We're back from our hurricane visit to Utah. Never, never, my friends, has so much activity been packed into so little time. To ease the overwhelming variety of friends, family, work associates, and favorite sites to visit, we were forced to strictly divvy up our time into the following segments:
Days 1&2: Dowdle family Days 3&4: Taylor family Days 5&6: Stanfill family
This worked better than we even imagined. Sunday we had the usual Dowdle family dinner horde, (Us, mom, dad, Eric, and about ten other random extended family members and friends.) What fun that was. I reveled in three hours of dinner table political ranting (finally, all that conservative radio put to good use!) The next morning we had a leisurely breakfast and headed up to This is the Place Monument for the day. I know, this is incredibly nerdy. This is the kind of thing that only a husband who truly loves his history-psycho homeschooled wife could ever possibly tolerate and even claim to enjoy. Miraculously, we had chosen the ONE day out of the year that John Huntsman (bless his soul) pays for everyone to get in for free AND get free ice cream. The place was a blooming sea of multicolored strollers. I'd forgotten how prolific we Mormons have ever been. I couldn't help but think that Brigham must be smiling, exceedingly pleased that his people are still propagating like rabbits. Seriously, birth control is the pits. Better to have rabbits.
The next two days were delegated to the Taylor family, since the far flung New York clan were also in town. What fun to see our fellow nerds, er, homeschoolers. We went to the pool, but all my joyful hopes for swimming with Jed and Michael were dashed by a sore throat, a freak windstorm, and an astonishing amount of poop. We still had fun. Jed LOVED the pool, and Auntie Annie and I tossed him about as he shrieked with laughter. That evening we all met together and the woman compared new offspring as well as cooing over pregnant bellies. (See Brigham Young comment above.) No wait, that was the night before. Tuesday we went to Claire's bridal shower and ate the most delicious salad bar ever. I will admit that I forfeited my hamburger and instead picked, um, like two gallons of strawberries and sugared pralines out of Penny's salad. And then I took two bites of the cake and went back for more sugared pralines. Kryptonite, I say.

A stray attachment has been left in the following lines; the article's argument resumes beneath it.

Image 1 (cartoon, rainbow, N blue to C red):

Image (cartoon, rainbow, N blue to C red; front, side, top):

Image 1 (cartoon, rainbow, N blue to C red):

The next morning we went on a Taylor family hike up to Stewart Falls. A nap starved Jed freaked out in the Ergo on his daddy's back on the way up. I pulled him off, strapped him on my belly, and we pressed grimly on. And we made it! No more crying fits and one floppy headed, sleeping toddler later, we victoriously punched our fists in the air and announced to the universe that you CAN HIKE WITH A TODDLER! Not that there's anywhere to hike in Indiana. But you know. It's the idea.